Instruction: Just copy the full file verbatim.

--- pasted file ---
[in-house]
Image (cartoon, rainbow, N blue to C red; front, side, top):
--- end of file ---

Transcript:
[in-house]
Image (cartoon, rainbow, N blue to C red; front, side, top):